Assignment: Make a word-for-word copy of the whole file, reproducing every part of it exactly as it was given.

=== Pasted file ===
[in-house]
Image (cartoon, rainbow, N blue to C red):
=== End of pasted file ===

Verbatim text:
[in-house]
Image (cartoon, rainbow, N blue to C red):